May 30, 2008
O Best Beloveds, test results are back and in Dr. W’s word, things are “worse.” Well, wait, let’s start with good news; there is no cancer in my brain or lungs. This has to count for something. There is, however, cancer again in my liver, three spots of particular note, including one that is about 2 by 2 centimeters, or about an inch in diameter, which wins for the biggest lesion thus far.
But it’s only in my liver, right? I asked, ever hopeful. No, no, there’s plenty of cancer in my bones as well, specifically, skull, back, lower back, a femur, sternum and most notably, in my right hip, a spot big enough to be “at risk for breakage.” Oh, now, cut that out! I said. I don’t have a lick of pain, even when I walk and walk and walk, so how can this be? Dr. W. thinks the right hip warning is the test reader “covering their ass,” but even so, he’s ordering an MIR to make sure everything’s sufficiently solid. If it’s not, then I get radiation there to help it heal. This is really dismaying; radiation on my right hip means radiation hitting my abdomen and, remember, long time Maladies readers, how fun radiation to my chest was? (No, really, it was fun. There were no side effects at all apart from a little reddening of the skin. I loved radiation.) Well, that party ends as soon as those rays are directed at organs with digestive functions.
But that’s borrowing trouble, and goodness knows, we’ve got enough trouble as it is. It’s unclear if the rest of the bone activity is similar to how it was a year or so ago–so small that it was like salt and pepper dusting–but the point is that there is more and new involvement in both bone and liver.
So, chemo. The good news–finally! Glass half full! I knew if I looked hard enough it would appear thusly!!–is that he’s going with the Navilbene, which to my mind is the good chemo, because there is no nausea or any other side effect, really. I mean, if you are going to have chemo, that’s the way to do it. He did hedge his bet on hair loss, allowing as how there may be some thinning. That’s better than total hair loss, but then again, I’m already vanity-knocking thin on top. Maybe the chemo will only target the follicles that are already empty and just give up rather than trying to take down any others? I know, I’m reaching here, but a scantily haired girl can hope. Navilbene is once a week, IV-delivered (through my blessed blessed port, that is), two out of three weeks, which means we are back to the whole schedule juggling if Steve and I want to go out of town, and also means that after German most Fridays I have to go have chemo, which does seem like insult to injury, if you ask me. There is a chance that this plan could change; Dr. W’s boss/partner is at that big cancer research convention in Chicago right now, and could come back with a whole brand new nifty treatment for us to try, which is why we aren’t doing anything until next Friday, since he won’t be back until mid-week. This gives the docs a chance to discuss this case and see what else they can cook up. But why the relatively mild chemo, under the circumstances? Because Dr. W. doesn’t treat off the amount of cancer, but rather off what the cancer is doing. And not only am I asymptomatic (no pain or any other distress), but also my liver enzymes are normal which means my liver is functioning normally and has not been adversely affected by this. Also, I’ve had quite a bit of chemo–you think?–and so he doesn’t want to pull out of the big guns until they are absolutely called for.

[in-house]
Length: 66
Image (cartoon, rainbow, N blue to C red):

And how long? Nine to twelve months. Great. And then, assuming that the amount of cancer is considerably reduced, I either get less chemo with longer stretches in between, or he puts me on a different oral chemo, or he tries another hormone therapy.
Believe it or not, I’m not flipped out about this. It probably has to do with my own particular attitude towards life, which is that I prefer definition, decision and knowledge to limbo and liminal states. The news is really not good, but it could be worse, and at least we know and have a plan. I doubt I will feel quite so jolly after a few months of chemo (unless it really isn’t much of anything, which is a distinct possibility), but there’s plenty of time for whining then. Meanwhile, I went off the Wellbutrin a couple of days ago because it seemed to be causing more anxiety than it was curing, and am about to try Celexa, so ideally I will have some little helpers to keep my mood sunny.
Besides: “Look,” I said to Dr. W. “Fay, Nichole and I have a date to get our PhD’s together in May, 2010. Or 2011. Whenever. The point is, I’m booked. So fix this.” “We are going to fix it,” he said, calmly. Good enough.
I did want to have hair for Fay’s wedding though,